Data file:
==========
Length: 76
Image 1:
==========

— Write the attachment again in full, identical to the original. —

Length: 76
Image 1: